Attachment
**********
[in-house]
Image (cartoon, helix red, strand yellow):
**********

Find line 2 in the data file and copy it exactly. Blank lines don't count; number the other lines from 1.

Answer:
Image (cartoon, helix red, strand yellow):